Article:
I try not to point my finger solely at her – it is the age in which we live.  Also to blame is her peer group, who seem to up the ante on every birthday and occasion. You can’t blame her for trying.  But it seems to get worse every year, the wish list loftier and longer, the price tags higher, the gadgets fancier.

We’ve traded in American Girls (who knew you could spend that much dough on a doll?) for electronics.  A couple of years ago it was the iPod, then the Nintendo DS, then the iTouch.  (The requests for the cell phone have been ignored although her voice gets louder, and I am sad to report she is in the minority of her group of friends who must resort to land lines for calling home – “use your friends cellphone,” I tell her cheerfully.)

When I was her age I was lucky to get a Barbie.  The world, and not just my daughter, has gone mad.  And you either must buck up in order to make their wishes come true, or buck the trend; in which case your name, come Christmas day, will be the Grinch.  Or Scrooge.  Pick your poison.

The answer, of course, is to educate your children about those who have so little at this time of year; let’s help them instead.  We gather necessities and tiny treasures and put them together for families in need in our community.  We deliver bags of food to the Food Bank.  We talk about all the people all over the world who are simply trying to survive each day, let alone play with a new toy.  We do all this until the cows come home.  And yet when tucking them in at night, it’s back to their list.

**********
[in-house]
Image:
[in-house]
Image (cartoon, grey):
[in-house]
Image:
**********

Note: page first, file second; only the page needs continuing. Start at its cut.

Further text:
This is where the tough parenting comes in.  I love my children to the ends of the earth, but it’s my job to teach them that their happiness can’t be bought.  I want them to be joyously happy on Christmas Day, but not because I’ve forked out January’s grocery money on their gift.  I want them to have great friends and feel secure but not because they received what the rest of their friends got during the holiday.  I want them to be thoughtful, loving, caring, empathetic citizens, not greedy, selfish drama queens.

It’s so much easier to say yes than no, but what is that teaching them?  I always did have a soft spot for the Grinch.